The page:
Secular Right | Reality & Reason

Jul/09

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Fundamentalism & Terror

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Here’s a review of Timothy Garton Ash’s new book by the distinguished British philosopher John Gray. The following  passages, in particular, caught my attention:

The reception of Garton Ash’s writings on Muslim fundamentalism is instructive in this regard. He provoked a firestorm by suggesting that Muslims in Europe would have to face up to an Enlightenment version of fundamentalism which demanded – as a condition of Muslims being accepted as Europeans – that they renounce their religion in favour of secular humanism. Such a demand was not only patently unrealistic, as Garton Ash himself pointed out, it also smacked of intolerance. Yet these are debates in which anything that looks like – or can be misrepresented as – an assertion of moral equivalence provokes immediate and intense condemnation. In a footnote to the original article, he writes that he has “long since abandoned the term ‘Enlightenment fundamentalism’, since it gives rise to the misunderstanding that some symmetry is suggested with ‘Islamic fundamentalist’ – a label now used almost synonymously with ‘terrorist’”.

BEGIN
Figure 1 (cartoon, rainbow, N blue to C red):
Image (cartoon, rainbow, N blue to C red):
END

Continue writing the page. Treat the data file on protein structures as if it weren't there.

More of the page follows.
As far as current discourse is concerned, Garton Ash has a point. Although they are often intolerant, today’s evangelists for secular humanism do not preach or practise violence. As he puts it, “there are no al-Darwinia brigades making bombs in secret laboratories in north Oxford”. On the other hand, the conflation of fundamentalism with terrorism is not supported by the facts. Fundamentalists are by nature illiberal, and most are more than happy to repress the freedom of others, but it is silly to portray them all as terrorists. Very few fundamentalist Christians support the murder of doctors who perform abortions – a type of terrorism that is fortunately rare, but terrorism nonetheless. Again, many Muslim fundamentalists support abhorrent policies against women and gay people, but that does not make them potential recruits to al-Qaeda.